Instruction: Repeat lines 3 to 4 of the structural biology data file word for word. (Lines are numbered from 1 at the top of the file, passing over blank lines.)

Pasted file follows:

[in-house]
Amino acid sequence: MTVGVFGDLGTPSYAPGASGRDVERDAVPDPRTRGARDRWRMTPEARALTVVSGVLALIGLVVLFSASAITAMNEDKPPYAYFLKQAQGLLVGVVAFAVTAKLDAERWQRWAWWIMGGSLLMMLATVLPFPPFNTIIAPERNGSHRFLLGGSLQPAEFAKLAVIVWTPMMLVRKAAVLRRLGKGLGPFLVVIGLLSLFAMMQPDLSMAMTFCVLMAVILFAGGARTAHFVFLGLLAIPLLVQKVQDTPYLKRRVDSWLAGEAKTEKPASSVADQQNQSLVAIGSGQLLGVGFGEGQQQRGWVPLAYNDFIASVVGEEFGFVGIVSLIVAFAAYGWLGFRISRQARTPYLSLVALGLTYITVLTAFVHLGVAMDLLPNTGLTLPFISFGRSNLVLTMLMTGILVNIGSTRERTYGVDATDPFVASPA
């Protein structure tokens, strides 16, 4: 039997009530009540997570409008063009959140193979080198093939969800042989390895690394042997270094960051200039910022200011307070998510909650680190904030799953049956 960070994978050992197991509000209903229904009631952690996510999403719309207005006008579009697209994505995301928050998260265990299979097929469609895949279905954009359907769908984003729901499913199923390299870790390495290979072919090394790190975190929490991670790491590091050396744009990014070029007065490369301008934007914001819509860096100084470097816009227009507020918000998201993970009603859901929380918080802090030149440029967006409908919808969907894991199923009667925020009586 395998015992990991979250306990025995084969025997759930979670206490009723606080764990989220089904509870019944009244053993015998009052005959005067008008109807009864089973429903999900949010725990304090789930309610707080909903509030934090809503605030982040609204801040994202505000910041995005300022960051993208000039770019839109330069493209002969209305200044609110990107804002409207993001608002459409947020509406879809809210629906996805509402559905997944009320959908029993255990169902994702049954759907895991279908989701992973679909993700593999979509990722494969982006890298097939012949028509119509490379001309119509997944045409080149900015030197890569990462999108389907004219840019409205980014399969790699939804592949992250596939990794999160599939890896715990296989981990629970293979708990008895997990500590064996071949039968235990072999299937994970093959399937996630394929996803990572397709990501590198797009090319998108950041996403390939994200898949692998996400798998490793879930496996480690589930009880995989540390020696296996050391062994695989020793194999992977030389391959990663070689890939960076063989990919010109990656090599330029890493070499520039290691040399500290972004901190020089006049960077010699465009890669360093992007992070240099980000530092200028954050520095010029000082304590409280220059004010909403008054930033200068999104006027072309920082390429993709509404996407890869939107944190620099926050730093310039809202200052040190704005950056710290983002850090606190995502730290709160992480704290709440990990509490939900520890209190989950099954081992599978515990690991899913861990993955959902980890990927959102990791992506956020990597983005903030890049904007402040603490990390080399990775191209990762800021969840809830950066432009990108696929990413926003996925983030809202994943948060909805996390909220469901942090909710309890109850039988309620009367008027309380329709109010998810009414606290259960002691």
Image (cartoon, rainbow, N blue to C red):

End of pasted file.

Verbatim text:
């Protein structure tokens, strides 16, 4: 039997009530009540997570409008063009959140193979080198093939969800042989390895690394042997270094960051200039910022200011307070998510909650680190904030799953049956 960070994978050992197991509000209903229904009631952690996510999403719309207005006008579009697209994505995301928050998260265990299979097929469609895949279905954009359907769908984003729901499913199923390299870790390495290979072919090394790190975190929490991670790491590091050396744009990014070029007065490369301008934007914001819509860096100084470097816009227009507020918000998201993970009603859901929380918080802090030149440029967006409908919808969907894991199923009667925020009586 395998015992990991979250306990025995084969025997759930979670206490009723606080764990989220089904509870019944009244053993015998009052005959005067008008109807009864089973429903999900949010725990304090789930309610707080909903509030934090809503605030982040609204801040994202505000910041995005300022960051993208000039770019839109330069493209002969209305200044609110990107804002409207993001608002459409947020509406879809809210629906996805509402559905997944009320959908029993255990169902994702049954759907895991279908989701992973679909993700593999979509990722494969982006890298097939012949028509119509490379001309119509997944045409080149900015030197890569990462999108389907004219840019409205980014399969790699939804592949992250596939990794999160599939890896715990296989981990629970293979708990008895997990500590064996071949039968235990072999299937994970093959399937996630394929996803990572397709990501590198797009090319998108950041996403390939994200898949692998996400798998490793879930496996480690589930009880995989540390020696296996050391062994695989020793194999992977030389391959990663070689890939960076063989990919010109990656090599330029890493070499520039290691040399500290972004901190020089006049960077010699465009890669360093992007992070240099980000530092200028954050520095010029000082304590409280220059004010909403008054930033200068999104006027072309920082390429993709509404996407890869939107944190620099926050730093310039809202200052040190704005950056710290983002850090606190995502730290709160992480704290709440990990509490939900520890209190989950099954081992599978515990690991899913861990993955959902980890990927959102990791992506956020990597983005903030890049904007402040603490990390080399990775191209990762800021969840809830950066432009990108696929990413926003996925983030809202994943948060909805996390909220469901942090909710309890109850039988309620009367008027309380329709109010998810009414606290259960002691």
Image (cartoon, rainbow, N blue to C red):